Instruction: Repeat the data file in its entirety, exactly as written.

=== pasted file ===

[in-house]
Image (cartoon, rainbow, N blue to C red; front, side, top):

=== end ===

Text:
[in-house]
Image (cartoon, rainbow, N blue to C red; front, side, top):